« Reply #8 on: September 01, 2016, 07:53:55 PM »
https://www.theguardian.com/science/2016/aug/31/ratan-600-telescope-russia-extratrerrestrial-aliens-space

Totally unexpected, the signal is human-, not alien-made.

Not surprising.  Radio signals tend to jumble and interfere with other signals quite often.

Offline trdsf

Re: Are we alone?
« Reply #9 on: September 01, 2016, 08:55:07 PM »
I think planets that are sufficiently Earth-like are very rare. It's unlikely that any such are within several thousand light years of us, if there are any at all. Even if there are planets enough like ours, the likelihood is very small, I think, that evolution would've generated something remotely like us.

Of course, there could be life very much unlike us, not needing our type of planet at all.
'Remotely like us' is a meaningless qualifier when talking about the possibility of intelligent life elsewhere in this galaxy, or in the universe.  We only have the one data point -- ourselves -- so we really have no idea what's possible biologically in other long-term stable ecosystems.

That said, I don't think it's unreasonable to think that intelligent life requires a planet not too dissimilar from ours -- warm enough to permit liquid water, which is a profoundly useful solvent for deep-time evolutionary chemical "experiments".  Simple life of course need not be so picky.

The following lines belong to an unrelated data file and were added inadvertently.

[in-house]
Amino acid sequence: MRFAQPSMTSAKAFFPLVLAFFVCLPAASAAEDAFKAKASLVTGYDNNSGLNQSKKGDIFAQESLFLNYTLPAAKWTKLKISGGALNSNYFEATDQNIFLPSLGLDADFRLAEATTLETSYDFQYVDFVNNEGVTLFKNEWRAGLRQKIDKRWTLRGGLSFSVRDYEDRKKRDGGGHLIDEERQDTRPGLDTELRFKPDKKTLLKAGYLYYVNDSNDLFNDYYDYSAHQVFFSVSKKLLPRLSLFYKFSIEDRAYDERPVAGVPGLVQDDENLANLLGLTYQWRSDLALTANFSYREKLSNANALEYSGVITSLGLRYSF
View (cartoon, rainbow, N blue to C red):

"It's hard to be religious when certain people are never incinerated by bolts of lightning." -- Calvin and Hobbes
"I thought I committed regicide today, but I committed deicide!" -- Sadie Doyle, Beyond Belief

Re: Are we alone?
« Reply #10 on: September 02, 2016, 06:25:10 AM »
"The government has successfully covered up the detection of an alien invasion fleet that was predicted TWICE in the 'Independence Day' movies."

I translated eHillBilly into English so you folks could understand it.

I has lots of cousins, ya'll can have some iff'n ya want.
We 'new atheists' have a reputation for being militant, but make no mistake  we didn't start this war. If you want to place blame put it on the the religious zealots who have been poisoning the minds of the  young for a long long time."